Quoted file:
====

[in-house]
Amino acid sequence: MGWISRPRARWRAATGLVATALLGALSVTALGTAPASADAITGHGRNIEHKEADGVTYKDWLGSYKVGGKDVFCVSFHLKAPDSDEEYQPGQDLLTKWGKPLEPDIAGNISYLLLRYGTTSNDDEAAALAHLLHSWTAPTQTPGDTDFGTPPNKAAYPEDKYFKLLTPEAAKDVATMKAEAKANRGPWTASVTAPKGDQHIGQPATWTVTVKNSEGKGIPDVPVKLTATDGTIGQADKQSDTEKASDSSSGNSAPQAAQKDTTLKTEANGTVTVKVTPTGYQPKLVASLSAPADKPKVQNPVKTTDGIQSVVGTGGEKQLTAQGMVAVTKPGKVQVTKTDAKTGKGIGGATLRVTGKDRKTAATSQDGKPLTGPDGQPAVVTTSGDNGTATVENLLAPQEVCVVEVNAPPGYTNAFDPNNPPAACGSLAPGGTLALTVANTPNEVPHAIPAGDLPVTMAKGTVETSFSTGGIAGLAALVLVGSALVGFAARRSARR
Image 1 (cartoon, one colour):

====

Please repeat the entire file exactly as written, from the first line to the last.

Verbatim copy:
[in-house]
Amino acid sequence: MGWISRPRARWRAATGLVATALLGALSVTALGTAPASADAITGHGRNIEHKEADGVTYKDWLGSYKVGGKDVFCVSFHLKAPDSDEEYQPGQDLLTKWGKPLEPDIAGNISYLLLRYGTTSNDDEAAALAHLLHSWTAPTQTPGDTDFGTPPNKAAYPEDKYFKLLTPEAAKDVATMKAEAKANRGPWTASVTAPKGDQHIGQPATWTVTVKNSEGKGIPDVPVKLTATDGTIGQADKQSDTEKASDSSSGNSAPQAAQKDTTLKTEANGTVTVKVTPTGYQPKLVASLSAPADKPKVQNPVKTTDGIQSVVGTGGEKQLTAQGMVAVTKPGKVQVTKTDAKTGKGIGGATLRVTGKDRKTAATSQDGKPLTGPDGQPAVVTTSGDNGTATVENLLAPQEVCVVEVNAPPGYTNAFDPNNPPAACGSLAPGGTLALTVANTPNEVPHAIPAGDLPVTMAKGTVETSFSTGGIAGLAALVLVGSALVGFAARRSARR
Image 1 (cartoon, one colour):